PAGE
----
Engage your fans in historical trivia. Not everything on Facebook has to or should be business related. Take the opportunity to engage your audience by posting events in your timeline. A great way to do that is to post a trivia question related to the industry that your fans might find interesting. Then, answer the trivia question with a quick reply, or go all out and reply with a video.
Randomly amuse your audience. Entertainment is the goal of social media, and you can hop on the amusement bandwagon by giving your page a viral appeal. Think about how to really entertain your audience while still including company branding in your posts.
Give fans what they want. You can easily invite your fans inside your business to celebrate special events, services or the holidays.


Post no more than one time every four hours and no less than two times per week.


Twitter is a social networking and microblogging service that can be accessed via native web and mobile applications, as well as various third-party management applications. Get people to trust you and your brand by spreading your message quickly and generating word-of-mouth marketing. Posts are called “Tweets,” and users are referred to as “followers.”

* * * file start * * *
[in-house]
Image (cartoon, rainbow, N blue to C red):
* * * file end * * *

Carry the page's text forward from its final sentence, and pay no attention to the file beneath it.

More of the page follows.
How to use Twitter

Twitter affords you the opportunity to build a personal relationship in a public forum one 140-character tweet at a time. You can use Twitter to provide:

Brief, informational nuggets about your company. Twitter is perfect for live event updates without too much detail — give just enough to keep your fans engaged and interested in what’s happening right now.
Open tweeting to your entire company. Think about topics beyond your products and services, and don’t forget about retweeting other industry-related news and tweets.


Tweet daily, but at a minimum of two times per week.